Times are changing in the capital.
When then-freshmen Kethan Savage, Joe McDonald, Kevin Larsen and Patricio Garino joined the men’s basketball team for the 2012-13 season, they became part of a group that had gone just 10-21 the year before under new head coach Mike Lonergan, who had come to GW after an impressive six-year run at Vermont.
That season, GW went just 13-17, while around the District, Maryland finished the year 25-13, George Mason finished 22-16 and the team of the city, Georgetown, finished 25-7 after earning a No. 2 seed in the NCAA tournament, its third-straight appearance.
Although they didn’t have a record that came close to the marks of their neighbors, the Colonials made headlines for other reasons. Against St. Bonaventure on Jan. 9, Lonergan started all four true freshmen, the only team in the nation to do so at the time.
The four continued to start for Lonergan, gaining experience and building chemistry. And the following season, they took the team from predicted conference bottom feeder to a 24-9 overall record and an at-large NCAA tournament berth. By season’s end, GW basketball was the talk of the city as Mason, UMD and Georgetown had each struggled all year long, and all three failed to make the tournament.
After several years of program mediocrity and upsetting seasons, GW has gone from being a team that was overshadowed, to being in the spotlight – a position that can only be maintained through repeat performances.
“Last year was our year, things worked out right,” Lonergan said. “We’ve gotten great publicity from the media, we’ve got great support here from GW but nothing is automatic. We want to stay mentioned up there and not with some of the low-majors or mid-majors in the area.”
Lonergan – who grew up a Maryland fan, coached at Maryland for a season and played high school basketball against Georgetown coach John Thompson III while at Carroll High School – knows what it takes to flip a program: The fourth-year GW head coach has done it twice after stints with the Catamounts and at Catholic University. Despite the Colonials’ fortunes last season and being picked to finish second in the Atlantic 10 preseason coaches poll this year, Lonergan said the team still isn’t where he wants it to be, but they’re making progress.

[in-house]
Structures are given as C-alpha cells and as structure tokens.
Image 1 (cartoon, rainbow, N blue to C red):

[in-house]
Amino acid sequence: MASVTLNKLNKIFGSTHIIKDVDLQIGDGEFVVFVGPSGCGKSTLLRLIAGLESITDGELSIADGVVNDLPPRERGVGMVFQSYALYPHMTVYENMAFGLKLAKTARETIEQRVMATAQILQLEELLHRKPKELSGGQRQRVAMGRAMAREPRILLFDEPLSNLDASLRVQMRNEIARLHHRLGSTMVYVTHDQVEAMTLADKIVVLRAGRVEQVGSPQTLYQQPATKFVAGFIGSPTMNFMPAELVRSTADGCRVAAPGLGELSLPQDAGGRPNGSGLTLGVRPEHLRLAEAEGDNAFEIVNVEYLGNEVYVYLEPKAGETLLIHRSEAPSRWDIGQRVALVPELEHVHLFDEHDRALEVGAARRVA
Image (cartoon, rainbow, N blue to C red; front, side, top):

“We’re not there yet,” Lonergan said. “We haven’t come close to reaching my goals, so we’ve got to keep working hard. Right now, I keep telling our players we are not close to being the second-best team in this conference, but we do have the potential to get there.”
With the exits of his top two producers last season in Maurice Creek and Isaiah Armwood, both of whom are now playing professionally overseas, two major holes in production will need to be filled.
Lonergan is worried about the weaknesses created by the absence of his primary rim protector in Armwood.
“Truthfully, we’ll probably not be as good of a rebounding team,” Lonergan said. “We don’t really have a guy ready, a post player game ready.”
Lonergan will turn to junior forward Kevin Larsen and senior forward John Kopriva to hold down the painted area to start the season.